2023 President’s Report: The Continued Quest “that no one shall be harmed by anesthesia care”

Dan Cole, MD
Daniel J. Cole, MD, Current APSF President

Daniel J. Cole, MD, Current APSF President

I don’t need to tell anyone reading this article that it has been quite a year in health care. With an environment defined by political polarization and its intersection with COVID, health and health care disparities, tenuous health care economics, burnout, and predictions of a “great resignation” where does patient safety fit into a strategic path forward?

Considering the complexity of systems of health care, it should not be surprising that safety problems are endemic in health care. We must work from a foundation of safety to achieve the purpose and goals of health care. Safety should be embedded in every decision and action we take. From a systems perspective, patients want to know that the care they receive is patient-centric, safe and reliable, and meets their quality expectations. They want to know that the health care providers caring for them are clinically competent, have interpersonal competence, and have primacy of the patient’s interest. In a word, they want to trust the system and people that care for them.

So how are we doing with trust? A recent gallop poll found that in 2019, only 36% of individuals had “a great deal” or “quite a lot of confidence” in the medical system.1 Due primarily to the heroic efforts of health care workers during the peak of the COVID pandemic, the number increased to 51% in 2020.1 However, in 2021, in an environment of controversy regarding medical advice on wearing masks and vaccine mandates, the trust metric decreased to 44%.1


This past year, the Anesthesia Patient Safety Foundation (APSF) has been laser-focused on our vision “that no one shall be harmed by anesthesia care.” That vision should be entrenched throughout the experiences of the patient during the entire perioperative process, and beyond. In short, we aspire to a system without preventable harm, returning patients to their baseline or an improved state of physical, cognitive, and psychological health.

In February of 2022, we held a strategic planning session with the objective to innovate and seek new projects that would have high impact on fulfilling our vision. Although there were literally scores of ideas, we settled on three:

  1. Develop two-way communication with patients. To that end, we have added the patient’s voice to our discussions and decisions and are working on patient-facing material that patients can use to improve their perioperative experience.
  2. Engage the next generation of anesthesia professionals. To accomplish this goal, we are in the development phase with the American Society of Anesthesiologists to provide basic educational modules on patient safety to all learners and early career anesthesia professionals.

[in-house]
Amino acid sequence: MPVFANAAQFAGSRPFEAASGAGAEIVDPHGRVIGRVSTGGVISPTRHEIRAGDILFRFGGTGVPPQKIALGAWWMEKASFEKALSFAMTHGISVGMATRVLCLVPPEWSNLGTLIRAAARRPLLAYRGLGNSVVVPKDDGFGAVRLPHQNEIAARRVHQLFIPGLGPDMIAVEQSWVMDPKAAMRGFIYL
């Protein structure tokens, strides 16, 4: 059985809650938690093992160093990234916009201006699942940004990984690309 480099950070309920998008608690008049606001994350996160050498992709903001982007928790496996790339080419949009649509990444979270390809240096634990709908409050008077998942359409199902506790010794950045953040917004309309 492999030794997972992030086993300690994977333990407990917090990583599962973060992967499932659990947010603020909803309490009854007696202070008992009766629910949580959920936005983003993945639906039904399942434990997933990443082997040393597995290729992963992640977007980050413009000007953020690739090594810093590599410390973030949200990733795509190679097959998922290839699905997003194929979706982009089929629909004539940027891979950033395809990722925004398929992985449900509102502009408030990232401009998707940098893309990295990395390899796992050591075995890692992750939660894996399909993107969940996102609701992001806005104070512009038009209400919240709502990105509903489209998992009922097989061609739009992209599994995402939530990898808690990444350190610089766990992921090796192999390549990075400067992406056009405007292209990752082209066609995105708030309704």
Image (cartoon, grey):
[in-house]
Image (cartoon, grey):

3. Enhance the implementation of disruptive technology. The future of health care promises to add more robust data collection and advanced clinical decision support tools. Machine learning, artificial intelligence, and wearable sensors have already been introduced into the perioperative space. These innovations have great promise to improve quality and safety, but also have inherent risk if not implemented correctly. Our first step in this endeavor will be our 2023 Stoelting Consensus Conference, which will address this new era of health care safety issues as they relate to emerging technologies.

We continue to work the levers of action by which we turn ideas into action, and action into results. They include research, education, our Newsletter, other communication vehicles (e.g., social media), collaboration with other stakeholders in patient safety, and advocacy. With limited resources we will continue to strategically exercise these levers to make continued progress in the fight against preventable harm. Our focus over the next year will be directed at our ten priorities (https://www.apsf.org/patient-safety-priorities/). These include:

  1. Culture of Safety
  2. Teamwork
  3. Clinical Deterioration
  4. Non-Operating Room Anesthesia
  5. Perioperative Brain Health
  6. Opioid-Related Harm
  7. Medication Safety
  8. Infectious Diseases
  9. Clinician Safety
  10. Airway Management

We have a deeply committed group of volunteers who I am confident will rise to the challenges of health care that will occur in the perioperative space over the next decade, and the solutions that patient safety engender. We rely on your financial support to achieve our goals, and we will use our resources wisely to ensure that anesthesiology remains a leader in perioperative safety to the benefit of our patients and providers. Sometimes it is best to resist change, sometimes to align with change, but we at the APSF will be proactive to continue our work to fulfill our vision “that no one shall be harmed by anesthesia care.” It is indeed a sacred trust that we have with our patients and our goal is to further the foundation of trust on which our specialty has been built.


Dan Cole, MD, is professor of clinical anesthesiology in the Department of Anesthesiology and Perioperative Medicine, David Geffen School of Medicine, University of California at Los Angeles. He is also the current president of the Anesthesia Patient Safety Foundation.

The author has no conflicts of interest.


  1. https://news.gallup.com/poll/352316/americans-confidence-major-institutions-dips.aspx. Acccessed on November 26, 2022.